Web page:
Anthony Crawford was a very successful Black entrepreneur, whose life took a tragic turn in 1916 when a disagreement over cottonseed prices led to his arrest and, ultimately, his lynching at the hands of a white mob. This distressing event, coupled with the confiscation of his family’s properties, highlights the profound extent of racism and brutality during that period.
Born in 1865 in Abbeville, South Carolina, just months after the end of the American Civil War, Anthony Crawford’s journey from humble beginnings to becoming a prosperous entrepreneur and landowner was a testament to his determination and resilience. Despite the challenges faced by African Americans in the post-slavery era, Crawford managed to create a name for himself. He built wealth through successful ventures, including a cotton business and a farming enterprise.
Crawford’s achievements extended beyond his business acumen. In the late 1890s, he co-founded the Industrial Union of Abbeville County, an organization dedicated to advancing the material, moral, and intellectual progress of the Black community. He was also the father of twelve sons, four daughters and extensive land holdings. He also had a net worth of approximately $20,000 to $25,000 in 1916 dollars, making him without doubt one of the richest men in Abbeville County.
Crawford’s financial success was extraordinary in a society where racial prejudice and segregation ran deep. However, it was his attempt to exercise his rights and challenge the established norms that led to his tragic demise. In October 1916, a dispute over the price of cottonseed escalated into an argument between 51 year old Crawford and a white merchant. This seemingly minor disagreement quickly spiraled, resulting in Crawford’s arrest on charges of assault and battery.
While Crawford was in police custody, a white mob gathered, demanding his release and resorting to threats of violence. On October 21, 1916, this mob of white men stormed the local jail, overpowering the sheriff, and brutally dragged Crawford from his cell.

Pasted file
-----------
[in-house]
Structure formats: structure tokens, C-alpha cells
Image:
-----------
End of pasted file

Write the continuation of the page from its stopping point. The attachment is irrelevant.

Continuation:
The savagery that followed was unspeakable. Crawford was mercilessly beaten, tortured, and hanged from a tree. The white mob, resentful of his success, shot his body multiple times, leaving it in a gruesome state as a stark warning to other Black individuals who might contemplate challenging the racial hierarchy. As a gruesome spectacle meant to serve as a warning to other Black individuals who dared to challenge the racial hierarchy, his body was left hanging on the tree.
The lynching of Anthony Crawford sent shockwaves throughout the African American community, underscoring the harsh reality that even economic prosperity and social standing could not shield them from the pervasive violence of racism. Two days after his lynching, the white citizens of Abbeville voted to expel the remainder of Crawford’s family from South Carolina, seizing their significant property holdings and closing down many black-owned businesses in the area.
The subsequent trial and legal proceedings, which should have delivered justice, proved to be another travesty. Despite the murder occurring in broad daylight, with numerous witnesses and clear evidence, the grand jury astonishingly failed to find any of the white mob members guilty of lynching or rioting.
In 1928, the remnants of Crawford’s once-extensive land holdings were auctioned, further diminishing his family’s generational assets.
Anthony Crawford’s story serves as a sad reminder of the immense challenges faced by African Americans who dared to challenge racial norms and speak out against injustice in the past.
After reading about Anthony Crawford, read about Mary Turner, the Pregnant Black Woman Lynched in 1918 for Condemning Her Husband’s Killers